Perhaps I just lack the mentality of a true winner, but there's something weird to me about the way this New York Times story is framed:
That's awful! We need to win the future and build a bridge to the 21st century! Otherwise our kids will someday play with their iPads while more forward-thinking countries use personal holograms in the classroom! Oh the humanity!
For the second consecutive year, the United States finished fifth in the study’s comparison of 138 countries that make up 98.8 percent of the world’s total gross domestic product. Sweden was first, followed by Singapore, Finland and Switzerland.
Wait. What? We're No. 5? Out of 138 countries? That puts us in the top 3.6 percent of nations? And we're much, much, much bigger than the nations ahead of us—meaning their higher ranking might be partly the result of the ease of organizing and wiring up smaller communities than big, continent-spanning countries with big, continent-spanning populations?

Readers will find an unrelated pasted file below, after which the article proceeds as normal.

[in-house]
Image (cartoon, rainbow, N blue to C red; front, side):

USA! USA! USA!
Now, it's true that the Times points out some of America's weaknesses in the ranking: "For example, it ranked 76th in the rate of mobile phone subscriptions, 48th in low-cost access to business phone lines and 24th in percentage of households with a personal computer — behind Bahrain, Singapore and Brunei, among others." Hey: Let's work on that stuff.
But it seems that in the big picture, the United States has actually done a pretty decent job of transitioning society into its current tech-centric incarnation. The nations we "lag" behind just don't face the same challenges of scale that we do. Are we so fixated on being No. 1 in all things that we can't see when we're actually doing a pretty good job?